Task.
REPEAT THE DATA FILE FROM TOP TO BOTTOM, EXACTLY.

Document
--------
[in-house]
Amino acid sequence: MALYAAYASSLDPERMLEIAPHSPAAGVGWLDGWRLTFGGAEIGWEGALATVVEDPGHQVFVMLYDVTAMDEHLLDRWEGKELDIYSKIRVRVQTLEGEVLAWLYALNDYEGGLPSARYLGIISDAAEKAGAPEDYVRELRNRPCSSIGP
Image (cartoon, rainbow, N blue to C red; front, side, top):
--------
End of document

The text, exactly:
[in-house]
Amino acid sequence: MALYAAYASSLDPERMLEIAPHSPAAGVGWLDGWRLTFGGAEIGWEGALATVVEDPGHQVFVMLYDVTAMDEHLLDRWEGKELDIYSKIRVRVQTLEGEVLAWLYALNDYEGGLPSARYLGIISDAAEKAGAPEDYVRELRNRPCSSIGP
Image (cartoon, rainbow, N blue to C red; front, side, top):